That's understandable, when you consider that mining firms intend to invest $120 billion next financial year. That's a staggering increase of around 155 per cent in just two years – and is thirteen times higher than its level one decade earlier.
As impressive as this is, the unprecedented opportunities on offer from the Asian Century will extend far beyond the mining boom, which is only the first taste of Asia's rise.
Increasingly, it will be the growing prosperity of Asian populations that shape the opportunities and challenges facing Australia. I think it's worth just reflecting on this transformation for a minute because it's a dynamic that is still not that well understood.
Based on UN projections, China's urban population will increase by 216 million people between now and 2025. Throw in India and Indonesia, and the combined increase in the urban population over that period is projected to be more than 400 million. As incomes rise, the growing cities of the Asian Century will be populated by an increasingly prosperous and ambitious Asian middle class.
And we know that as this happens, Asia will evolve to become not only the world's largest production zone but also the world's largest consumption zone. Asia will demand more and better consumer goods – like complex consumer durables and high-end electronics which were previously available only to the wealthy in society. And they'll demand more sophisticated services – both at home and abroad. Education. Recreation. Healthcare. Financial services. Travel.
They will demand better homes, less polluted environments and more leisure for cultural pursuits and personal development. They will demand all the trimmings of one of the greatest economic and humanitarian achievements of our age – the lifting of hundreds of millions of people out of poverty and into a modern life.
This is history in the making and the opportunities are boundless.
It would of course be easier just to wait for these opportunities to present themselves – to coast along on the wave of Asian growth. But I deeply believe that such a course would represent a profound failing of our responsibility to all Australians today and into the future.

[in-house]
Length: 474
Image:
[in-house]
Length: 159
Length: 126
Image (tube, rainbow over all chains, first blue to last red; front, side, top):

Australia's success in the Asian Century requires more than just an accident of geography, or geology. Australia's success in the Asian Century is not preordained. It is not guaranteed, and it will not be easy. Australia's success in the Asian Century will be determined by choice, not just by chance.
That is exactly why Prime Minister Gillard, my ministerial colleagues and I are working so closely with Ken Henry to produce the Asian Century White Paper.
It's why we have been talking to communities and groups like yours to hear your views about what side of history you want Australia to be on. And it's also why I've asked Treasury to update our regional modelling to ensure we fully understand the nature and magnitude of what we face.
Without pre-empting the outcomes of the White Paper, I want to spend some time sharing my own thoughts this morning so that you know where I'm coming from and where I think the opportunities lie. First, we must ensure we continue to put in place the domestic reforms that will underwrite our future productivity and economic adaptability.
While the ongoing industrialisation of Asian economies will underpin strong growth in our region for some time, it won't be possible to predict each and every opportunity or challenge that we will confront in the years ahead.
So the best way to prepare ourselves for these is to ensure we have the skills, the capital and the flexibility to respond. This means persisting with the reforms that have been central to the Government's agenda in recent years, as well as those that have underpinned our impressive record of economic growth and resilience over the past two decades.
I'm talking about reforms like the MRRT, the carbon price, investments in skills and infrastructure, tax cuts, prudent fiscal policy, broad ranging regulation and competition reform, and increasing our national pool of savings through superannuation. These policies will not only help non-mining sectors adjust to the immediate pressures of the mining boom, but it will put them in the best position to capitalise on future growth in global markets.
I know some commentators have argued that Australia is a low productivity growth economy that will struggle to compete in these new markets. And while we certainly need to lift productivity growth, we should not forget that the level of our productivity is high, both relative to our history and relative to other countries.